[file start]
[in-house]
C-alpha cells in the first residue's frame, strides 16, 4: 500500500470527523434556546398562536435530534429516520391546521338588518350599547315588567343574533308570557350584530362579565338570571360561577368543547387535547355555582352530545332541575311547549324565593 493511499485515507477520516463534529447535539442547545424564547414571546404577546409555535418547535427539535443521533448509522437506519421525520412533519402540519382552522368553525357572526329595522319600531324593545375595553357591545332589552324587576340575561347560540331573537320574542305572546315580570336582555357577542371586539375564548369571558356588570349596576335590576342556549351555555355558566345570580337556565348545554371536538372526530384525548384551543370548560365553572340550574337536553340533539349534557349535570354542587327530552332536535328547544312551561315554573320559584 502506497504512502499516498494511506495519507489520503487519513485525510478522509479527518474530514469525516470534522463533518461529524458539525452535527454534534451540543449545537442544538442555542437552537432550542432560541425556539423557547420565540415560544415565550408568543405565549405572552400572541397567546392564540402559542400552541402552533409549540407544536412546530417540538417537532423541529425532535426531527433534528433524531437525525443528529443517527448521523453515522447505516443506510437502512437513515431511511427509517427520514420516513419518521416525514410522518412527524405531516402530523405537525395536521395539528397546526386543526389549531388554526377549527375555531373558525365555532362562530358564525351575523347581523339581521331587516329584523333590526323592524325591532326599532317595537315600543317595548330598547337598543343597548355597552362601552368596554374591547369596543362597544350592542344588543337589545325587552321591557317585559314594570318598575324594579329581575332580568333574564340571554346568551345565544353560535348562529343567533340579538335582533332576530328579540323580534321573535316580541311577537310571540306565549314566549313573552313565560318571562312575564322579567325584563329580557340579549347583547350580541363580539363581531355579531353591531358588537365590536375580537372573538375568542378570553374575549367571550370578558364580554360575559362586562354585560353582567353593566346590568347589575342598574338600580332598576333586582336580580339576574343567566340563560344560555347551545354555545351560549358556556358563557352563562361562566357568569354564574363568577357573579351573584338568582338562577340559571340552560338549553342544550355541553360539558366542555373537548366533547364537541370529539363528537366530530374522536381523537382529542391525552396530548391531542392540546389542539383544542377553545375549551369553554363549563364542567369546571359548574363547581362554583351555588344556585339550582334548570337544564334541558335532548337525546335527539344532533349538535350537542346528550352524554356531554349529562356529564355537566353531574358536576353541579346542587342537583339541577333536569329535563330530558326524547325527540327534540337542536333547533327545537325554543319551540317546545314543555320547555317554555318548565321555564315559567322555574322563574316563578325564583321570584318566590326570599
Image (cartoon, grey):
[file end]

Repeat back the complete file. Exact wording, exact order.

[in-house]
C-alpha cells in the first residue's frame, strides 16, 4: 500500500470527523434556546398562536435530534429516520391546521338588518350599547315588567343574533308570557350584530362579565338570571360561577368543547387535547355555582352530545332541575311547549324565593 493511499485515507477520516463534529447535539442547545424564547414571546404577546409555535418547535427539535443521533448509522437506519421525520412533519402540519382552522368553525357572526329595522319600531324593545375595553357591545332589552324587576340575561347560540331573537320574542305572546315580570336582555357577542371586539375564548369571558356588570349596576335590576342556549351555555355558566345570580337556565348545554371536538372526530384525548384551543370548560365553572340550574337536553340533539349534557349535570354542587327530552332536535328547544312551561315554573320559584 502506497504512502499516498494511506495519507489520503487519513485525510478522509479527518474530514469525516470534522463533518461529524458539525452535527454534534451540543449545537442544538442555542437552537432550542432560541425556539423557547420565540415560544415565550408568543405565549405572552400572541397567546392564540402559542400552541402552533409549540407544536412546530417540538417537532423541529425532535426531527433534528433524531437525525443528529443517527448521523453515522447505516443506510437502512437513515431511511427509517427520514420516513419518521416525514410522518412527524405531516402530523405537525395536521395539528397546526386543526389549531388554526377549527375555531373558525365555532362562530358564525351575523347581523339581521331587516329584523333590526323592524325591532326599532317595537315600543317595548330598547337598543343597548355597552362601552368596554374591547369596543362597544350592542344588543337589545325587552321591557317585559314594570318598575324594579329581575332580568333574564340571554346568551345565544353560535348562529343567533340579538335582533332576530328579540323580534321573535316580541311577537310571540306565549314566549313573552313565560318571562312575564322579567325584563329580557340579549347583547350580541363580539363581531355579531353591531358588537365590536375580537372573538375568542378570553374575549367571550370578558364580554360575559362586562354585560353582567353593566346590568347589575342598574338600580332598576333586582336580580339576574343567566340563560344560555347551545354555545351560549358556556358563557352563562361562566357568569354564574363568577357573579351573584338568582338562577340559571340552560338549553342544550355541553360539558366542555373537548366533547364537541370529539363528537366530530374522536381523537382529542391525552396530548391531542392540546389542539383544542377553545375549551369553554363549563364542567369546571359548574363547581362554583351555588344556585339550582334548570337544564334541558335532548337525546335527539344532533349538535350537542346528550352524554356531554349529562356529564355537566353531574358536576353541579346542587342537583339541577333536569329535563330530558326524547325527540327534540337542536333547533327545537325554543319551540317546545314543555320547555317554555318548565321555564315559567322555574322563574316563578325564583321570584318566590326570599
Image (cartoon, grey):